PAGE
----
Vibrio

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Vibrio

 [vib´re-o]
a genus of gram-negative, facultatively anaerobic, motile, straight or curved rod-shaped bacteria. V. cho´lerae is the etiologic agent of Asiatic cholera; V. metschniko´vii causes gastroenteritis; V. parahaemoly´ticus causes gastroenteritis due to the consumption of raw or improperly cooked seafood (especially in Japan); and V. vulni´ficus causes septicemia and cellulitis in persons who have consumed raw seafood.

vibrio

 [vib´re-o]
an organism of the genus Vibrio, or other spiral motile organism.
cholera vibrio Vibrio cholerae.
noncholera v's a group of microorganisms that are similar to Vibrio cholerae but differ from it immunologically and having variable pathogenic properties. Many that were isolated from water or from the feces of individuals with mild diarrheal disease have been named for the place of their discovery, such as V. danu´bicus, V. ghin´da, and V. massau´ah.
Miller-Keane Encyclopedia and Dictionary of Medicine, Nursing, and Allied Health, Seventh Edition. © 2003 by Saunders, an imprint of Elsevier, Inc. All rights reserved.

Vibrio

(vib'rē-ō),
A genus of motile (occasionally nonmotile), nonsporeforming, aerobic to facultatively anaerobic, gram-negative bacteria (family Spirillaceae) containing short (0.5-3.0 mcm), curved or straight rods that occur singly or which are occasionally united into S-shapes or spirals. Motile cells contain a single polar flagellum; in some species, two or more flagella occur in one polar tuft. Some of these organisms are saprophytes in salt and fresh water and in soil; others are parasites or pathogens. The type species is Vibrio cholerae.
[L. vibro, to vibrate]

vib·ri·o

(vib'rē-ō),
A member of the genus Vibrio.
Farlex Partner Medical Dictionary © Farlex 2012

vibrio

(vĭb′rē-ō′)
n. pl. vibri·os
Any of various short, motile, S-shaped or comma-shaped bacteria of the genus Vibrio, especially V. cholerae, which causes cholera.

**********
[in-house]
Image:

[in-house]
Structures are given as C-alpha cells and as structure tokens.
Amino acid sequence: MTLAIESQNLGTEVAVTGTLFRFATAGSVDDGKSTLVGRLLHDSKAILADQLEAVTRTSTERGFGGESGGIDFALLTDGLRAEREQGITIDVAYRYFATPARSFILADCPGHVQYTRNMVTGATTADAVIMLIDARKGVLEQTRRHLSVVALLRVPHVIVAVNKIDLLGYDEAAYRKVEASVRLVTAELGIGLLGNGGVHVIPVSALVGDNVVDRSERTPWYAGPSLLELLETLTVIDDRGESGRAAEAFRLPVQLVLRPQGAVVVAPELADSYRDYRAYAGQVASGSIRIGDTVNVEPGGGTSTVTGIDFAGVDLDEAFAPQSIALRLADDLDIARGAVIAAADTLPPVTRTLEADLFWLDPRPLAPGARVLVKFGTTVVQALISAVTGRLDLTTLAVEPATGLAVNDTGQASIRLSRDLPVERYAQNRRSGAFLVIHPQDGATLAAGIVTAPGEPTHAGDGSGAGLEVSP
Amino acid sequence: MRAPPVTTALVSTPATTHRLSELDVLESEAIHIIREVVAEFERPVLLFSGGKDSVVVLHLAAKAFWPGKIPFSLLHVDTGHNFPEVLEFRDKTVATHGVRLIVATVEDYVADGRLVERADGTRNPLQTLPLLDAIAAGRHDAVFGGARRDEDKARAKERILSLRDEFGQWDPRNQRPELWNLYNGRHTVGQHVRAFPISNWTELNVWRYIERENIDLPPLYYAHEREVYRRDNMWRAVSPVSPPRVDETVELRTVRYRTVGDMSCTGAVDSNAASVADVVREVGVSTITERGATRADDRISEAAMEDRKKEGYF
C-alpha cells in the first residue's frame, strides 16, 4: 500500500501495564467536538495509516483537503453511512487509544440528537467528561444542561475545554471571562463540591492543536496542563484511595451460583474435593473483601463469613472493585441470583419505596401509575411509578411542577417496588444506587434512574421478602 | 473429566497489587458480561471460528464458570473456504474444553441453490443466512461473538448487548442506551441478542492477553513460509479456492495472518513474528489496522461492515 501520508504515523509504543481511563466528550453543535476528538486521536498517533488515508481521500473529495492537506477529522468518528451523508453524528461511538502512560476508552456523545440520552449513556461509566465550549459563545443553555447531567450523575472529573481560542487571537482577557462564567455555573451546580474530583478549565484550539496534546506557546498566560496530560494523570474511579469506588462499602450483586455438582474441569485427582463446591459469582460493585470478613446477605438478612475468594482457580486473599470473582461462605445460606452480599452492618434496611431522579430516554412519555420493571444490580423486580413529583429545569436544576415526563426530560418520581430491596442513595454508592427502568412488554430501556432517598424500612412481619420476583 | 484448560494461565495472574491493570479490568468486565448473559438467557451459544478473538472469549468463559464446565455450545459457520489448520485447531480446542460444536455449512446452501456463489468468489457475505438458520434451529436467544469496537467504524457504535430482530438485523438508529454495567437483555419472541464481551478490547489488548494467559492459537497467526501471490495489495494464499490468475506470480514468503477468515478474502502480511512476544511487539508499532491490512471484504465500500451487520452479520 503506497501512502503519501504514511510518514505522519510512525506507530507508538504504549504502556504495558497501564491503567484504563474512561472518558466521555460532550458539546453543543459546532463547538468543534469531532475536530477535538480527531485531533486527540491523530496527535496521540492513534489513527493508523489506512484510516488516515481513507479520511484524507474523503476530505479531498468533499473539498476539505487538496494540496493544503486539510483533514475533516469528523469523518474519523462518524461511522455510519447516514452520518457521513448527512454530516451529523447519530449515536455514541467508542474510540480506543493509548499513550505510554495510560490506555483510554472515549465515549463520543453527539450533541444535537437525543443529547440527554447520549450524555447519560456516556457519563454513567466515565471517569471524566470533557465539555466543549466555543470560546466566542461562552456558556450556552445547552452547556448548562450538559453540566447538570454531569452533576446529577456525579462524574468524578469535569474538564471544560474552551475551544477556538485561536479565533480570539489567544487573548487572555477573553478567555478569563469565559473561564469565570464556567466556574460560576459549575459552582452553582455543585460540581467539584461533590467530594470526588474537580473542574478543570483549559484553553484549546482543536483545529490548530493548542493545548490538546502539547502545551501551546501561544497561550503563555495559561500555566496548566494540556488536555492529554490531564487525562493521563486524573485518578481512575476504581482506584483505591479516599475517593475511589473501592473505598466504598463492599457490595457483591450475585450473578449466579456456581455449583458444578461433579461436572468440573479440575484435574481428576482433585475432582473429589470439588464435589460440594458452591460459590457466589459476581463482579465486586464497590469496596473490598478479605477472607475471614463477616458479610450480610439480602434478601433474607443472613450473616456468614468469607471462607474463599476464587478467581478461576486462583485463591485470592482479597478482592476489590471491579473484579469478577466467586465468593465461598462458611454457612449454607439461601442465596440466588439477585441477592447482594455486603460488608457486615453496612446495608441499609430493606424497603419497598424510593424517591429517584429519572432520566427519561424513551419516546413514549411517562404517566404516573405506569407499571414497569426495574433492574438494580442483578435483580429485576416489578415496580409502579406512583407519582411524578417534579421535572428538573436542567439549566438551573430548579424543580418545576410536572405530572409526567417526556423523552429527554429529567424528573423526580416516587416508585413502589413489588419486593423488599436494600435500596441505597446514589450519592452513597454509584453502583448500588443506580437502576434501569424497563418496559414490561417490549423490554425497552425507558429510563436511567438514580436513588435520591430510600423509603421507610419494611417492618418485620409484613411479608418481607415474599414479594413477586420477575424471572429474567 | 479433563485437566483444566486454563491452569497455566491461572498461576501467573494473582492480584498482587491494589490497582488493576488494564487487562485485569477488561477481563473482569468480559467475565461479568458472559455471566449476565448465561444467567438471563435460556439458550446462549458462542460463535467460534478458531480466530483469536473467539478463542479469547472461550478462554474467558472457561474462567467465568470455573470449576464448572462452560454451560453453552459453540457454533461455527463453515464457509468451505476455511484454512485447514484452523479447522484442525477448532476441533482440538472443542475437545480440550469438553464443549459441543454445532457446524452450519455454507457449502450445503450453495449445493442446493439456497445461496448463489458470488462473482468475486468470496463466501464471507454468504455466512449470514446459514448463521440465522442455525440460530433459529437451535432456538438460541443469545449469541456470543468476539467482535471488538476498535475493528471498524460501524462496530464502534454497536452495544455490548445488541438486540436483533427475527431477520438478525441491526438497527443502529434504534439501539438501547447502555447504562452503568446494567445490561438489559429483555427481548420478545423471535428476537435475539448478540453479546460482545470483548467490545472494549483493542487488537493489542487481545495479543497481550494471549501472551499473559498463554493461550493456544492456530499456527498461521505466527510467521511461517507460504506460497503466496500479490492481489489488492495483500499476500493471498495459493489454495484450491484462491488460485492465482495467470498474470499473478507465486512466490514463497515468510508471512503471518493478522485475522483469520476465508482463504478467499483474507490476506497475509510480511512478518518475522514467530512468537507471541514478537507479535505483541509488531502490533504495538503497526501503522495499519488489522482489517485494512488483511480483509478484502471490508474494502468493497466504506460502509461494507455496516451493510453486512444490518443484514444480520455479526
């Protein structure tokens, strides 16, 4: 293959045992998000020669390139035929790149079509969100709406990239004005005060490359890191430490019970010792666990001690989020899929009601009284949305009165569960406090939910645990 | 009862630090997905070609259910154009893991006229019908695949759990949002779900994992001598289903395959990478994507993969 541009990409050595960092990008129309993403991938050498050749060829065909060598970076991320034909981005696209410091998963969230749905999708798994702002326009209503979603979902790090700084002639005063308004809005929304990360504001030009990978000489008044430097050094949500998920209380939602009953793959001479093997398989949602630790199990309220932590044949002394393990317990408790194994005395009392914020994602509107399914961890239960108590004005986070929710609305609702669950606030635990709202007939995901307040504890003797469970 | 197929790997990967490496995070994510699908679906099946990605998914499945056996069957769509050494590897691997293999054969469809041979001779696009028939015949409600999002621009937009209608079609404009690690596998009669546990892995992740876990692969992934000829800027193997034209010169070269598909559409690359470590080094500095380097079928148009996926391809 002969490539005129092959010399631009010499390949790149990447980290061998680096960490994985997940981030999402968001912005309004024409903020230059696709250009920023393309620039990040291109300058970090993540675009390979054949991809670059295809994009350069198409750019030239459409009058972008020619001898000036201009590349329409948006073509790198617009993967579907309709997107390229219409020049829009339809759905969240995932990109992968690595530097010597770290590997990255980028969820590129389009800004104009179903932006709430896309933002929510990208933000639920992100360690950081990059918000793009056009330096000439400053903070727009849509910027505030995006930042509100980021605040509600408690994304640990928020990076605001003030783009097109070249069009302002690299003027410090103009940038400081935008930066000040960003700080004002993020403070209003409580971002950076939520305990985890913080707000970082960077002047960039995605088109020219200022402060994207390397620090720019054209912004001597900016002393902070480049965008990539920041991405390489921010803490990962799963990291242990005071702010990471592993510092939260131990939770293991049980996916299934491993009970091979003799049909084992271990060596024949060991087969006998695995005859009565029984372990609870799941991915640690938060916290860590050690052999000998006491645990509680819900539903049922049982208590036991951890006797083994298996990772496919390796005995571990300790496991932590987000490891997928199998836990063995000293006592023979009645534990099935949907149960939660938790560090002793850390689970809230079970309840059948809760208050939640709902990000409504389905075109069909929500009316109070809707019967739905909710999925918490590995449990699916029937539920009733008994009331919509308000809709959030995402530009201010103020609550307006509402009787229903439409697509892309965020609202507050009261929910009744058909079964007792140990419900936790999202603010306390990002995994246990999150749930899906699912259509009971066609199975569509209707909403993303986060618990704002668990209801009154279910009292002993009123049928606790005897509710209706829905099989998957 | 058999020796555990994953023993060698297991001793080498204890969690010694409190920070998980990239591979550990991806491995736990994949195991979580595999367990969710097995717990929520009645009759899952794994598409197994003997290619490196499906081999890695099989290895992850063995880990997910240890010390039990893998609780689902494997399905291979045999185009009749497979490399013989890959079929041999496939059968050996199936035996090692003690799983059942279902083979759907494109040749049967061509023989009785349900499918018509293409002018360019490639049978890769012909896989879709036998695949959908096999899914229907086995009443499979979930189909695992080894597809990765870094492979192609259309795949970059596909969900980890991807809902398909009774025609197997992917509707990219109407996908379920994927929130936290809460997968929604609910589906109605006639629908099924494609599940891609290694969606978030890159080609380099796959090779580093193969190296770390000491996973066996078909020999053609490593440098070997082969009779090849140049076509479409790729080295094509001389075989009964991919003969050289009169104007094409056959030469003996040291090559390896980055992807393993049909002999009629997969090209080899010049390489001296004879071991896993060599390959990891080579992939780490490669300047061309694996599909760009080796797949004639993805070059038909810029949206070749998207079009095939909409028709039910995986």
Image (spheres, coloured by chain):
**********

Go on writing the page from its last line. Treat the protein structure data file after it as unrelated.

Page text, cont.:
vib′ri·oid′ (-oid′) adj.
The American Heritage® Medical Dictionary Copyright © 2007, 2004 by Houghton Mifflin Company. Published by Houghton Mifflin Company. All rights reserved.

Vib·ri·o

(vib'rē-ō)
A genus of motile (in some instances nonmotile), non-spore-forming, aerobic to facultatively anaerobic, gram-negative bacteria containing short curved or straight rods that occur singly or are occasionally united into S shapes or spirals. Some of these organisms are saprophytes in water and soil; others are parasites or pathogens. The type species is V. cholerae.
[L. vibro, to vibrate]

vib·ri·o

(vib'rē-ō)
A member of the genus Vibrio.
Medical Dictionary for the Health Professions and Nursing © Farlex 2012

Vibrio

A genus of curved, motile, GRAM NEGATIVE organisms that contains the bacillus, Vibrio cholerae that causes CHOLERA.
Collins Dictionary of Medicine © Robert M. Youngson 2004, 2005

vibrio

a curved or comma-shaped BACTERIUM. A genus of Gram-negative bacteria (see GRAM'S STAIN that are FACULTATIVE anaerobes and include some important PATHOGENS, such as Vibrio cholerae, the causative agent of CHOLERA.
Collins Dictionary of Biology, 3rd ed. © W. G. Hale, V. A. Saunders, J. P. Margham 2005